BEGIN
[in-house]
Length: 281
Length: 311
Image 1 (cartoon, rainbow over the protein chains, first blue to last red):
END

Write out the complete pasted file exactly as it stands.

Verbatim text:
[in-house]
Length: 281
Length: 311
Image 1 (cartoon, rainbow over the protein chains, first blue to last red):